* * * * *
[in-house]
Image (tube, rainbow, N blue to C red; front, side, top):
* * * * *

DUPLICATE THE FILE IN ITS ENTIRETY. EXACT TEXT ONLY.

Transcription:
[in-house]
Image (tube, rainbow, N blue to C red; front, side, top):